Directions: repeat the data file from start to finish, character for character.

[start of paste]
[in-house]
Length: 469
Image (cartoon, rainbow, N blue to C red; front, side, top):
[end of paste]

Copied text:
[in-house]
Length: 469
Image (cartoon, rainbow, N blue to C red; front, side, top):